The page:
Diabetes Guidelines


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  • Slide 4. Hospitalization Costs for Chronic Complications of Diabetes in the US These data from the ADA emphasize that 1) type 2 diabetes is extremely costly, and 2) cardiovascular disease constitutes 64% of total costs. Reference: American Diabetes Association. Economic Consequences of Diabetes Mellitus in the US in 1997. Alexandria, Va: American Diabetes Association, 1998:1-14. [no PubMed link (book)] Keywords: complications, cost, diabetes Slide type: graph
  • Diabetes Guidelines

    1. 1. Diabetes Guidelines Kevin H McKinney MD University of Texas Medical Branch at Galveston Division of Endocrinology/Stark Diabetes Center
    2. 2. DIABETES MELLITUS <ul><li>Inability of the body to metabolize blood sugar </li></ul><ul><li>A disease of inadequate insulin secretion and action </li></ul><ul><li>Hyperglycemia is the main manifestation </li></ul>
    3. 3. COMPLICATIONS <ul><li>Chronic hyperglycemia may cause: </li></ul><ul><ul><li>retinal damage </li></ul></ul><ul><ul><li>chronic kidney disease </li></ul></ul><ul><ul><li>nerve damage </li></ul></ul><ul><ul><li>vascular disease </li></ul></ul>
    4. 4. COMPLICATIONS (cont.) <ul><li>Blindness </li></ul><ul><li>Dialysis </li></ul><ul><li>Lower Limb Amputation </li></ul><ul><li>Stroke </li></ul><ul><li>Myocardial infarction </li></ul><ul><li>Claudication </li></ul>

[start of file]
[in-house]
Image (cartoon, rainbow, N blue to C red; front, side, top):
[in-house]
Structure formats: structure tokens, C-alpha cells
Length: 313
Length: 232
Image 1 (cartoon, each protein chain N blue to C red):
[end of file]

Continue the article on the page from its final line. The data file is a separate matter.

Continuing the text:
5. 5. PRIMARY CLASSES OF DIABETES MELLITUS <ul><li>Type 1 </li></ul><ul><ul><li>Autoimmune destruction of islets </li></ul></ul><ul><ul><li>No insulin secretion </li></ul></ul><ul><li>Type 2 Diabetes </li></ul><ul><ul><li>Insulin resistance with progressive insulin secretory defect </li></ul></ul><ul><ul><li>90% are obese </li></ul></ul>
    6. 6. PREVALENCE OF TYPE 1 DIABETES IN THE US <ul><li>1 million people </li></ul><ul><li>Caucasians constitute the majority of </li></ul><ul><li>type 1 diabetics </li></ul><ul><li>Most prominent during childhood </li></ul>
    7. 7. PREVALENCE OF TYPE 2 DIABETES IN THE US <ul><li>Most common type of diabetes among </li></ul><ul><li>all ethnic groups </li></ul><ul><li>17 million patients with known diabetes </li></ul><ul><li>45% of children and teens with new </li></ul><ul><li>diagnoses </li></ul>
    8. 8. PREVALENCE OF TYPE 2 DIABETES IN THE US <ul><li>Caucasian women experience higher </li></ul><ul><li>prevalence rates than men (57% vs. 26%) </li></ul><ul><li>By age 70, African American prevalence </li></ul><ul><li>rates increase to 42% of the population </li></ul>
    9. 9. METABOLIC SYNDROME <ul><li>Insulin resistance (type 2 diabetes) </li></ul><ul><li>Hypertension </li></ul><ul><li>Dyslipidemia </li></ul><ul><li>Polycystic ovary syndrome </li></ul><ul><li>Hyperuricemia </li></ul><ul><li>Hypercoagulability </li></ul>